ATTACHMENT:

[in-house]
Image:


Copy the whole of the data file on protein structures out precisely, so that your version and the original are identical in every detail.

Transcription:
[in-house]
Image: